Ancient Clostridium DNA and variants of tetanus neurotoxins associated with human archaeological remains Journal Articles uri icon

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  • AbstractThe analysis of microbial genomes from human archaeological samples offers a historic snapshot of ancient pathogens and provides insights into the origins of modern infectious diseases. Here, we analyze metagenomic datasets from 38 human archaeological samples and identify bacterial genomic sequences related to modern-day Clostridium tetani, which produces the tetanus neurotoxin (TeNT) and causes the disease tetanus. These genomic assemblies had varying levels of completeness, and a subset of them displayed hallmarks of ancient DNA damage. Phylogenetic analyses revealed known C. tetani clades as well as potentially new Clostridium lineages closely related to C. tetani. The genomic assemblies encode 13 TeNT variants with unique substitution profiles, including a subgroup of TeNT variants found exclusively in ancient samples from South America. We experimentally tested a TeNT variant selected from an ancient Chilean mummy sample and found that it induced tetanus muscle paralysis in mice, with potency comparable to modern TeNT. Thus, our ancient DNA analysis identifies DNA from neurotoxigenic C. tetani in archaeological human samples, and a novel variant of TeNT that can cause disease in mammals.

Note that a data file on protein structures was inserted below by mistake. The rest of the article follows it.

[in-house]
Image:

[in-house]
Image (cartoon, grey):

• Hodgins, Harold P
  • Chen, Pengsheng
  • Lobb, Briallen
  • Wei, Xin
  • Tremblay, Benjamin JM
  • Mansfield, Michael J
  • Lee, Victoria CY
  • Lee, Pyung-Gang
  • Coffin, Jeffrey
  • Duggan, Ana
  • Dolphin, Alexis E
  • Renaud, Gabriel
  • Dong, Min
  • Doxey, Andrew

publication date

  • September 6, 2023